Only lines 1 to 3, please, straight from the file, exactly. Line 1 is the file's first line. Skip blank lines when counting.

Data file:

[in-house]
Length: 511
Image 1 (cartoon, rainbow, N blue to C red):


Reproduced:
[in-house]
Length: 511
Image 1 (cartoon, rainbow, N blue to C red):